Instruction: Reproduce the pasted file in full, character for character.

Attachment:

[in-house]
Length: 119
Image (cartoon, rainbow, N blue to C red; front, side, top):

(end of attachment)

[in-house]
Length: 119
Image (cartoon, rainbow, N blue to C red; front, side, top):